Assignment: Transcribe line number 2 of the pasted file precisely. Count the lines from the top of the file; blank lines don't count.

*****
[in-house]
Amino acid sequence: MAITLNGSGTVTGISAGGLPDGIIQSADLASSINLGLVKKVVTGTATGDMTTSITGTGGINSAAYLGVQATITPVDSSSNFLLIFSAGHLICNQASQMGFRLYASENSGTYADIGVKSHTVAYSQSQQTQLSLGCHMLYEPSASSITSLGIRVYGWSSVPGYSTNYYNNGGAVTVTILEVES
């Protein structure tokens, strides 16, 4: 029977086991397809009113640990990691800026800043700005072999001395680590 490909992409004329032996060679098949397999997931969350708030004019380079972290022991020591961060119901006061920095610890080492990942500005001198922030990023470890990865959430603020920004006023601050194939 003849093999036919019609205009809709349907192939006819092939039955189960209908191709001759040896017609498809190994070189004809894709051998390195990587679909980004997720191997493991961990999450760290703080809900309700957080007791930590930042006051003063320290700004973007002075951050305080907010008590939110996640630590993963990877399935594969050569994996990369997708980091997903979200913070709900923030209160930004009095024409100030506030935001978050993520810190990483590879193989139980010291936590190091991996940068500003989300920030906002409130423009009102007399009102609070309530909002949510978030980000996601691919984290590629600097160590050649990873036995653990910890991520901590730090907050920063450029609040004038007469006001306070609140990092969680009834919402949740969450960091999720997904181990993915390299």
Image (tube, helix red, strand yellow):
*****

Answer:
Amino acid sequence: MAITLNGSGTVTGISAGGLPDGIIQSADLASSINLGLVKKVVTGTATGDMTTSITGTGGINSAAYLGVQATITPVDSSSNFLLIFSAGHLICNQASQMGFRLYASENSGTYADIGVKSHTVAYSQSQQTQLSLGCHMLYEPSASSITSLGIRVYGWSSVPGYSTNYYNNGGAVTVTILEVES